Ashley Graham Reveals She Was Skinny-Shamed and Got Criticized for Betraying Her Fans by Losing Weight

year ago

The model agrees that body shaming is totally out of control in our society and hurts women of all shapes and sizes. Ashley has always encouraged body positivity and urged women to love themselves. However, even with all that self-love, she’s been hit hard recently with serious body-shaming that knocked her confidence down.

She revolutionized the industry.

When Ashley was a teen, she shook the modeling industry by smashing down barriers. By the age of 21, Graham had become a successful plus-size model and appeared in Glamour’s September 2009 issue. However, when she moved to New York, she came up against criticism for her shape, so she had to be her biggest cheerleader.

Her fans told her she had betrayed them.

The model posted a photo on Instagram that showed off her slimmer figure. Instead of getting praised, she faced a different kind of body-shaming from internet users who disapproved of her transformation. They claimed that she had abandoned her plus-size identity now that she had gained popularity.

They left negative comments claiming that she was no longer the same person she used to be. One user asked, “Where are your curves?!” and another said, “You did lose a lot of weight. I’m no longer a fan of yours. You betrayed a lot of people!”

Ashley “hindered” fashion industry progress.

They felt that she no longer represented the plus-size modeling community. One fan wrote, “You look stunning, but I’m afraid that being plus-sized is never going to be socially accepted when the woman who practically founded it in the first place continues to lose weight or Photoshop.” Her fans are concerned that it could slow down the fashion industry’s progress in embracing fuller-figured women.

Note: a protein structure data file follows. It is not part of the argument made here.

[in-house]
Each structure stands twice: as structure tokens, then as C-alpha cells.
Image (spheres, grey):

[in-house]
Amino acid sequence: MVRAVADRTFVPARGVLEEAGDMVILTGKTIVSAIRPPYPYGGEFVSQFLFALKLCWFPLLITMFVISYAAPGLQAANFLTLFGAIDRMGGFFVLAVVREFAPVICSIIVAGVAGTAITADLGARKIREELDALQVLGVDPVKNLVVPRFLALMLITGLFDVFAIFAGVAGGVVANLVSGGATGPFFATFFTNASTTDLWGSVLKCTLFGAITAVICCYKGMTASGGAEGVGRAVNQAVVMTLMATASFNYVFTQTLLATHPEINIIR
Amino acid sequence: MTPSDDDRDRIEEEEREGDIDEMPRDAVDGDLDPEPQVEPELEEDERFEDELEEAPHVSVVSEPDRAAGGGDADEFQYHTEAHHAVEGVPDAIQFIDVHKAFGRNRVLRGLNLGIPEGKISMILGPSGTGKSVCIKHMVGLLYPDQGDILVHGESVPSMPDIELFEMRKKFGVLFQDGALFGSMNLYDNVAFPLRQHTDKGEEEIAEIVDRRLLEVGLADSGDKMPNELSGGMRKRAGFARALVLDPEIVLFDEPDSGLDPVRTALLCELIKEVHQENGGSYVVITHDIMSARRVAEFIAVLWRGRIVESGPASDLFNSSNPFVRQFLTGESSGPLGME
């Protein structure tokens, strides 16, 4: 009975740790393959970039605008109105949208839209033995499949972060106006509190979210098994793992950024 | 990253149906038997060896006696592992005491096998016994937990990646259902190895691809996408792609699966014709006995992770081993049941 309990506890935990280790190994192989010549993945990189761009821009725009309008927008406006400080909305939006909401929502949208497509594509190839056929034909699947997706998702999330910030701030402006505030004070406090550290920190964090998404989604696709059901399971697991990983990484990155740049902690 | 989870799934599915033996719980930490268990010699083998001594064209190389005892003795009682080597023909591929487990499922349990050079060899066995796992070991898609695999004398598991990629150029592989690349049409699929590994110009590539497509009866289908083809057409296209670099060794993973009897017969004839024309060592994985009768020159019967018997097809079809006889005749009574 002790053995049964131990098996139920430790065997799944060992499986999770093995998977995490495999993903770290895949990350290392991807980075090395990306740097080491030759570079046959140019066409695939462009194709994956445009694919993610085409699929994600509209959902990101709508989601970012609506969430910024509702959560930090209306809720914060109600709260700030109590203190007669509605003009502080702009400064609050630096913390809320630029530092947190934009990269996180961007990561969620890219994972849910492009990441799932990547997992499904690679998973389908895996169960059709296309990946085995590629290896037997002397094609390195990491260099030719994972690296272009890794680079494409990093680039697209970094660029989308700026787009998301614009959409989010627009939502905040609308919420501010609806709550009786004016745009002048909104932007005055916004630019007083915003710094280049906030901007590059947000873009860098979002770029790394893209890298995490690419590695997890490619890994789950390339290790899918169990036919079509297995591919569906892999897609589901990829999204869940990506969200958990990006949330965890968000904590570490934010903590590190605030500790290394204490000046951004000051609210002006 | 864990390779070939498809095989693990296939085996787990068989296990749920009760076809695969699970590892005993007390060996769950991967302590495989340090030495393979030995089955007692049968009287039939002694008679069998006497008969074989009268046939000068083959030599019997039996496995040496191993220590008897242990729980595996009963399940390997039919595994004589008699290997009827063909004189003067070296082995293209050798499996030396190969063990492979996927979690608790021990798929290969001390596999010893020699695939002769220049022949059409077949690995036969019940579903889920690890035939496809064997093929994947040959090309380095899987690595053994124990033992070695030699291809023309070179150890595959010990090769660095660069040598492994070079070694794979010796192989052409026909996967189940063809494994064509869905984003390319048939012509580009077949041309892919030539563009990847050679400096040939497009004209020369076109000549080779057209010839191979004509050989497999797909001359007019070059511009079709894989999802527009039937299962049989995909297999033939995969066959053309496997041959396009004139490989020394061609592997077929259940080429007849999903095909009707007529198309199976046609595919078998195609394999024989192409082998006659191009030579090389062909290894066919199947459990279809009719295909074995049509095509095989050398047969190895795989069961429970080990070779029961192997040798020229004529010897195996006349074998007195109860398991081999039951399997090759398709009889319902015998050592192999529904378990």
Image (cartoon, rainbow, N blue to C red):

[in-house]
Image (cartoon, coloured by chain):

“You’re not plus-sized enough.”

Ashley says, “Never in my life did I get so much hate for being skinny. I’ve definitely heard: ’You’re not plus-sized enough’ but this was insane. So I wanted to talk about what it feels like on both spectrums. Body shaming and calling women out for something that is none of your business shouldn’t be right.”

She’s caught up in a body-shaming cycle.

She continues, “To some, I’m too curvy. To others, I’m too tall, too busty, too loud, and, now, too small — too much, but at the same time not enough. When I post a photo from a ‘good angle,’ I receive criticism for looking smaller and selling out. When I post photos showing my cellulite, stretch marks, and rolls, I’m accused of promoting obesity. The cycle of body shaming needs to end. I’m over it.”

She wants to make the world a better place.

In her essay, she wrote, “I’m more than my measurements. I’m not Ashley Graham just because I’m curvy. For the past 16 years, my body has been picked apart, manipulated, and controlled by others who don’t understand it. But now my career has given me a platform to use my voice to make a difference.”


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The amount of shaming going on with so many people these days is so heartbreaking. I don't understand the need or desire to shame others and tear them down. I can hope for things to get better and will continue to. No one deserves to be treated this way.


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